On a warm March evening, the thinnai (porch) in Rama Srinivasan’s house is a welcome strip of velvety shade. “This house is perhaps 100 years old. When we rented it out, 44 years ago, all the houses on the street were similar. But now, this is the only one here (on Bazaar lane, Mylapore) with a thinnai and mitham (courtyard).”

We’re seated on the breezy thinnai. “I retired as a teacher, after teaching Tamil for 28 years,” says the 64-year-old Rama. “Before that, I was a kindergarten teacher. The principal of the Punjab Association who watched me teaching children, told me that I handled classes well, and should get a qualification to teach higher classes. So, after marriage and two children, I passed M.A, B.Ed., and became a higher secondary Tamil teacher in Adarsh.”

Rama loves Tamil. “I am passionate about the subject; it has a special flavour. I enjoyed teaching Kamba Ramayanam and Silappadikkaram, besides grammar.” Her voice is her asset, says Rama, adding that, when she taught the Ramayanam, the principal used to sit in her class. “Silappadikkaram is a superb story! I’d be happy to tell you the whole tale right now!” she smiles.

When she taught, Rama did not believe in shop-bought preparatory notes. But her manner of coaching ensured that several of her students secured State ranks. After she retired in 2005, Rama began Tamil tuitions, often taking the first bus, so that she could start the lesson at 6.30 a.m.

“My day starts very early. I draw kolams — voluntarily — outside three temples nearby. At 5.30 a.m., I start walking to the bus stop, and sometimes, I wake up my students for the tuition.”

Not one to waste time, Rama spends the afternoons with her grandson, and in her spare time, weaves wire baskets. “I learnt this when I worked in kindergarten. Besides the regular knot, I can make Sivankannu, nellikai and biscuit knots. The nellikai knot is especially good; the basket is sturdy, and no gaps are visible.” During Navaratri, her bags are popular as giveaways.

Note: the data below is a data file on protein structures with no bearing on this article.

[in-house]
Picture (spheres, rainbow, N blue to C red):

In the evenings, Rama sits on the thinnai, with the colourful wire bundles and weaves baskets. “Sometimes, passers-by ask me to teach them, and I always oblige.” The narrow street fills up with the happy sounds of gully cricket and the scratch of brooms, as women sweep and draw kolams.

“During Diwali, I get busy with orders for snacks,” Rama says. “I make Diwali marundhu, besides some sweets and savouries. My badushas turn out well, and so does mixture,” she smiles.

Grateful for her education — she completed her degrees by correspondence, and also went on to do her B.A in Hindi — which gave her a livelihood, Rama says she’s contented now as her son and daughter are well settled in life. She fondly recalls her husband, who was a great support to her. “He was my right hand. He accompanied me when I went to the temple every morning, and even cooked, when I went to school,” she reminisces.

Red bananas and kola maavu are hawked in the street, while Rama’s grandson, riding a bicycle around the mitham, calls her. Wooden pillars support the sloping, tiled roof; sunshine and sea breeze pour in through the square opening. “It never gets very hot here, even in summer!” Rama smiles, as I leave the cool refuge, and walk into the dusty street, past the temples, which I’m told, draw more crowds now than they did, 44-years ago…

(A weekly column on men and women who make Chennai what it is)